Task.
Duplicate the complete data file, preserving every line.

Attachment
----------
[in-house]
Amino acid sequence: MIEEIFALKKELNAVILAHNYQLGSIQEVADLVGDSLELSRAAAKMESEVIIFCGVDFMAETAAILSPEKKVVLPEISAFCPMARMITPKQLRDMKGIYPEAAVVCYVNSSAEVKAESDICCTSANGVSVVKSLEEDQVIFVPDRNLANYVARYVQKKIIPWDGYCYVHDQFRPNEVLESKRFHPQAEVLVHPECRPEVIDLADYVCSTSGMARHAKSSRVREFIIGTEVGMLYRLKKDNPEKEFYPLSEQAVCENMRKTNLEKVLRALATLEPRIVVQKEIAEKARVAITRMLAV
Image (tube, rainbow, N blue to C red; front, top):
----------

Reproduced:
[in-house]
Amino acid sequence: MIEEIFALKKELNAVILAHNYQLGSIQEVADLVGDSLELSRAAAKMESEVIIFCGVDFMAETAAILSPEKKVVLPEISAFCPMARMITPKQLRDMKGIYPEAAVVCYVNSSAEVKAESDICCTSANGVSVVKSLEEDQVIFVPDRNLANYVARYVQKKIIPWDGYCYVHDQFRPNEVLESKRFHPQAEVLVHPECRPEVIDLADYVCSTSGMARHAKSSRVREFIIGTEVGMLYRLKKDNPEKEFYPLSEQAVCENMRKTNLEKVLRALATLEPRIVVQKEIAEKARVAITRMLAV
Image (tube, rainbow, N blue to C red; front, top):